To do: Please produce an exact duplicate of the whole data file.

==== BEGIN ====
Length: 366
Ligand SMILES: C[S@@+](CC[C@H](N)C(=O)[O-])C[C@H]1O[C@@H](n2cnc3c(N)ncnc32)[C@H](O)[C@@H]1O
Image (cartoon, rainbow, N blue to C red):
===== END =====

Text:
Length: 366
Ligand SMILES: C[S@@+](CC[C@H](N)C(=O)[O-])C[C@H]1O[C@@H](n2cnc3c(N)ncnc32)[C@H](O)[C@@H]1O
Image (cartoon, rainbow, N blue to C red):